Report from our 1999 Dinner, by Sam Clarke

Published: 04-09-2015

bottles

 

There are not many times in life when you can feel sorry for a Hudelot-Noëllat Romanée-St-Vivant, an Engel Clos Vougeot or a Dujac Echezeaux, but last night was a rare occasion for a number of reasons. Like Wayne Daniels trying to break into the West Indian cricket team of the 1970s or Antonio Salieri writing operas in the 18th century, it was simply a case of bad timing, such was the strength of the line up.

The expectations were for wines in their infancy which would show delicious, primary flavours at best, and in some cases this proved to be correct. The Clos des Lambrays started dumb and reticent but continued to open and improve in the glass. The Romanee-St-Vivant was clearly a great wine but the impression was still of a wine with a long future ahead of it. Bachelet’s Charmes was the wine of the first flight that gave the most immediate pleasure, starting with an intensive, heady fragrance but still the debate was on about just how good the vintage is.

Things moved up a notch when the magnum of Engel’s Clos Vougeot arrived. The kind Engel benefactor commented “it smells like a dog that has just crawled out of a drain, but God I love it”. A big, powerful wine with huge complexity but whilst the previous flight was partly about a search for potential, this provided much to think about and a sense of the future ahead of it but also a huge amount of pleasure.

Dujac’s Echezeaux was all about pleasure and anyone who didn’t enjoy that shoul

d look to another wine region. The warmth of the vintage resulted in dark, rich intense flavours and great persistence. Perhaps of any of the wines of the night, this was the one that you could argue was closest to the height that it will ever hit. It will change in character but can it get better than this?

Ponsot’s Clos de la Roche was a baffling wine that I can’t square with the reviews that I have read subsequently. The wine was known to some around the table, and were it not for that, then I would have thought that it was not correct. Judgement reserved.

And then the main event. Three glasses in front of us and a universal hushed silence. In people’s minds was the question that they would be asked - which of these three is your wine of the flight? Stannary Dinner history was again made as the table saw two conscientious objectors who would not be drawn, and in conclusion that was probably the correct response to a nonsensical question. Three great bottles which perfectly illustrated both the vineyards and the domaines that they came from. Dujac’s Clos de la Roche was the star of our recent Dujac dinner and it continued in the same vein, opening in the glass with explosive spicy, ripe fruit. Rousseau’s Clos de Bèze was the most immediately striking with an intensity on the nose that was not reached by another wine. The precision of the Musigny was staggering, every element was perfectly in place with an underlying energy that left people straining to come up with examples of Musigny that could surpass Mugnier’s ‘99 (Roumier’s 1985 was mooted by one).

For the record, the Musigny received the most votes but these three profound wines made the question of “which is the best” the wrong approach.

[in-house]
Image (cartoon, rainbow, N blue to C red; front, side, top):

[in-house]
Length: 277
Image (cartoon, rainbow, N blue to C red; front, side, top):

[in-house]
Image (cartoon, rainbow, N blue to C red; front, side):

This left the final flight in a precarious position. The dangers of being overshadowed by the previous flight, or worse still of suffering from premature oxidation were live worries. Thankfully they were ill founded and if anything the D’Auvenay Chevalier suffered from premature cork pulling rather than premature oxidation. For its age, it was light in colour with big, intense flavours and a stoney, mineral core. Had this been served blind, it is hard to imagine that anyone could have put it’s age at 16.

The de Montille Caillerets over performed expectations. Again the colour showed no signs of age and some were interested to learn that the 1999 was made by Jean-Marc Roulot as the wine showed evidence of his talent.


We do have some magnums of this still available if anyone would like some (£550ib/3)

The concluding debate centred on just how good the 1999 vintage is. Having recently hosted a 2002 dinner we felt confident is thinking that the 1999s surpassed the 2002s. The evidence of the evening leaves it up there with 2005 and 2010 and those around the table fortunate enough to own quantities from the vintage left thankful that after sixteen years the reputation at release was well justified.
 

A new high and thank you to everyone who came and contributed.

 



Chef
:Mr Francis Percival
Venue: 16 Stannary Street, Kennington, SE11 4AA
Aperitif: 7.15pm Dinner: 7.30pm

Cromesquis with foie gras
Tagliatelle with runner beans and smoked bacon

1999 Charmes-Chambertin - Bachelet (NM)
1999 Clos des Lambrays (MQ)
1999 Clos Vougeot - Confuron-Cotetidot (RK)
1999 Romanée-St-Vivant - Hudelot-Noëllat (DM)

Squab salad with Puy lentils and beetroot

1999 Clos Vougeot - Engel - MAGNUM (JD)
1999 Clos de la Roche – Ponsot (MT)
1999 Echezeaux Grand Cru – Domaine Dujac (CP)

Hereford beef with cep custard

1999 Musigny – Mugnier (BA)
1999 Chambertin Clos de Bèze – Rousseau (AK)
1999 Clos de la Roche – Dujac (TH)

Cheese from the Auvergne

1999 Chevalier-Montrachet - D'Auvenay (IM)
1999 Puligny-Montrachet 1er Cru ‘Le Cailleret’ - De Montille (FW)

Tarte Tatin with vanilla ice cream

 

Leave a comment: